On June 23, the House Energy and Commerce Subcommittee on Consumer Protection and Commerce marked up the American Data Privacy and Protection Act. The bill would set a national standard for data collection and protection. The National Restaurant Association believes that a preemptive federal data privacy law that creates a single, uniform standard would benefit the industry, but have concerns that this bill, as drafted, would present significant challenges for large and small operators.
“Whether it's putting cash and receipts in a register or safe, or maintaining the highest standards when selecting, storing, and preparing food, security is a priority for restaurant operators,” said Sean Kennedy, executive vice president of Public Affairs for the National Restaurant Association, in a press statement. “Securing our customers’ personal information is no different. As the cornerstone of communities throughout America, restaurant operators build their business on trusted relationships with their guests, and they rely on robust data privacy and security practices to strengthen that trust in today’s digital economy.”
The Association has concerns about specific areas of the bill, including:
- Carveouts in the federal preemption – The Association is concerned that there are far too many carveouts for state-level privacy laws, consumer protection laws, and laws that govern both employee and biometric data, among others. These carveouts essentially nullify the bill’s preemption provision and would require national restaurant businesses to complying with both federal and state laws.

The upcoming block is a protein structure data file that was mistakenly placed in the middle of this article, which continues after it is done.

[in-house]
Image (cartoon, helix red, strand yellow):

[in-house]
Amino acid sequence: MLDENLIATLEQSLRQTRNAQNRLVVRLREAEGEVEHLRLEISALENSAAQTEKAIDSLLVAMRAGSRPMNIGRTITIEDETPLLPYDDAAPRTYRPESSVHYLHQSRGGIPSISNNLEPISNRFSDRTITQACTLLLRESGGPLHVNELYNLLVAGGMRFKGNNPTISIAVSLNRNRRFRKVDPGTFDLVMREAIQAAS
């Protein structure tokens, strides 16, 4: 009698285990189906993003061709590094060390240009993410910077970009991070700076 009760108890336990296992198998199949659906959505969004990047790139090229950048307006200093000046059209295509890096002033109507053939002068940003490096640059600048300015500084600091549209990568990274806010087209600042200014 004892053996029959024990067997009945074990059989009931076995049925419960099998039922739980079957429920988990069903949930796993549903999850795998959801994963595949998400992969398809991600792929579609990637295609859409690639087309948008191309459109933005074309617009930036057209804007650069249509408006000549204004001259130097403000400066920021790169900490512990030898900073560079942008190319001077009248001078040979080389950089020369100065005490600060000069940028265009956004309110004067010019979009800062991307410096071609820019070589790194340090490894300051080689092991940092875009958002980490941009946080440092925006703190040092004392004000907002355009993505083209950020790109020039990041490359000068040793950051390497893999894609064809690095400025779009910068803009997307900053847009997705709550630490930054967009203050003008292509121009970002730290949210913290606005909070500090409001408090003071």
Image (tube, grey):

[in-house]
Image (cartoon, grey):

- Inclusion of private right of action – The Association is concerned that the language allowing civil action in federal court would enable trial lawyers to embroil operators in litigation. These actions do not improve consumer protection but do often penalize the operations targeted.
- Loyalty programs – The bill includes language intended to preserve consumer loyalty programs, but the Association feels the provision would inhibit consumers’ and restaurants’ ability to voluntarily establish loyalty relationships. These types of programs are essential to the business model of many restaurants, and the Association hopes the bill can be amended to reflect state data privacy laws that have already been shown to work.
- Service providers and third-party requirements – Restaurants are often a first point of collection for consumer data, however they should not be held liable for potential data privacy violations committed by their downstream business partners. The Association would like to see the service provide and third-party requirements strengthened so that no consumers are left unprotected when their personal data is handled by any business, regardless of where they live.
- Small data exemption – The bill includes a threshold for small business data exemption; however, the current definition will still place significant burdens on small business restaurants. The Association would like to see the requirements amended so that they will work for the smallest restaurant operators.
- Covered entity definition – Under the current bill, the covered entity definition would mean that restaurants with common branding all become liable for one operator’s infractions. The Association would like to see the bill take into consideration the industry’s unique franchise structure when defining covered entities.
“This bill is moving very quickly through the Committee, and we are working with members to address these concerns. The good news is that all these concerns have resolutions that would vastly improve this bill for the restaurant industry while still strengthening protections for consumers,” said Kennedy.